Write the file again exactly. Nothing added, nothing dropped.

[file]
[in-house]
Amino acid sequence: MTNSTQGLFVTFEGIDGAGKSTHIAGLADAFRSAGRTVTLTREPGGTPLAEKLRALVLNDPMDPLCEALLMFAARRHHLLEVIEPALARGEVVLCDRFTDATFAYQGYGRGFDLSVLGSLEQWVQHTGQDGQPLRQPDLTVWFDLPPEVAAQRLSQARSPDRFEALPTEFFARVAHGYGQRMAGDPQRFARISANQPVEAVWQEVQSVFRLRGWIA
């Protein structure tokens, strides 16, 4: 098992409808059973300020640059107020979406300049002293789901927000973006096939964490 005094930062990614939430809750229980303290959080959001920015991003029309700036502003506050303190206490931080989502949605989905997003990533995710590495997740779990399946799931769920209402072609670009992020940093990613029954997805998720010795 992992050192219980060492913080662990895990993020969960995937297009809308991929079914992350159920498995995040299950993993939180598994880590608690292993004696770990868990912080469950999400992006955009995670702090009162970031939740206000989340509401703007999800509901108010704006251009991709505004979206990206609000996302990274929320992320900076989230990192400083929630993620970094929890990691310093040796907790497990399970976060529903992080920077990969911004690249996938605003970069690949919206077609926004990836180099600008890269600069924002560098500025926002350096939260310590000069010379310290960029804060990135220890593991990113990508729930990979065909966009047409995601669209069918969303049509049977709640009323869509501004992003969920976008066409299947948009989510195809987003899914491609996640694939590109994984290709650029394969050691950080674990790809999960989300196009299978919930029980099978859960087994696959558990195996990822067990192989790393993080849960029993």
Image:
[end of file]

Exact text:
[in-house]
Amino acid sequence: MTNSTQGLFVTFEGIDGAGKSTHIAGLADAFRSAGRTVTLTREPGGTPLAEKLRALVLNDPMDPLCEALLMFAARRHHLLEVIEPALARGEVVLCDRFTDATFAYQGYGRGFDLSVLGSLEQWVQHTGQDGQPLRQPDLTVWFDLPPEVAAQRLSQARSPDRFEALPTEFFARVAHGYGQRMAGDPQRFARISANQPVEAVWQEVQSVFRLRGWIA
């Protein structure tokens, strides 16, 4: 098992409808059973300020640059107020979406300049002293789901927000973006096939964490 005094930062990614939430809750229980303290959080959001920015991003029309700036502003506050303190206490931080989502949605989905997003990533995710590495997740779990399946799931769920209402072609670009992020940093990613029954997805998720010795 992992050192219980060492913080662990895990993020969960995937297009809308991929079914992350159920498995995040299950993993939180598994880590608690292993004696770990868990912080469950999400992006955009995670702090009162970031939740206000989340509401703007999800509901108010704006251009991709505004979206990206609000996302990274929320992320900076989230990192400083929630993620970094929890990691310093040796907790497990399970976060529903992080920077990969911004690249996938605003970069690949919206077609926004990836180099600008890269600069924002560098500025926002350096939260310590000069010379310290960029804060990135220890593991990113990508729930990979065909966009047409995601669209069918969303049509049977709640009323869509501004992003969920976008066409299947948009989510195809987003899914491609996640694939590109994984290709650029394969050691950080674990790809999960989300196009299978919930029980099978859960087994696959558990195996990822067990192989790393993080849960029993």
Image: